Could this be better? Of course. Air travel is quite sexy. A few silhouetted logos, a nippy, 2d interface presented in bold, nicely framed colours, and perhaps some nicely presented video content could create a bigger impression, and perhaps push thoughts of queues, security gates, cramped seats and hefty luggage cases aside for a feeling of freedom and airiness. That may be my taste talking, however. As it is, it’s clear what this site does – as clear as you can make an air miles program – and it strikes a nice point between clunky reliability, and clean modernism.
Ticketbis gets everything right. No slogans, no roundabout tricks, no over-eager attempts to shove a million features and navigation options on the front page – this is a site for people who’ve used the internet for more than 5 minutes. Instead of ‘Meet your next favourite book’ (Grr) you’re greeted with ‘buy and sell tickets for events worldwide’ – almost as if you were a sane adult simply trying to engage with a service instead of a gullible marketing target. A simple use of images conveys that the site provides for things like the World Cup, pop music, and some alternative events. Navigation is simple – and made simple by a lack of options (a technique many bedroom web designers with too many tools and too little restraint could do well to learn).
It’s no mystery who ticketbis are taking design tips from, take a look at the triple row options button (Google) and open sans font (Windows 8). In the future, more sites will look like that. You can’t get a better association or guarantee of usability than making your site like google or W8, and with a product that tends to have a complex and confusing representation online there’s not much room for innovative design tricks. Even if you’re not ripping off wholesale (as ticketbis does) simply presenting information in a plain and restrained manner – still a rarity on the net – is where future customers lie.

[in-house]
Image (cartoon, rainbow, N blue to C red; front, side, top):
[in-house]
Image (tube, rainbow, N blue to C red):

Whether I specifically want to buy Arsenal tickets for the next game, or browse for an upcoming international event I might like, it’s beneficial to me as a user, and you as the web designer to stay out of my way and not try to push things onto me. All that white space that you didn’t fill with adverts, promotions, and completely tangential products helps me figure out what products you’re offering, and keeps me one step closer to buying them.
Having a product that’s difficult to represent, and designing a website around that product can be an unenviable task, but it’s also a challenge that opens up possibilities. As with most web design, if you break things down to fundamentals, and push those ideas, connotations, or examples, the rest will follow naturally. However complex your service, keep your first impression clear and direct. A user looking for something niche or complex will be willing to invest time in finding it. A user who doesn’t know your product is looking for a good impression – and you only get to make that once.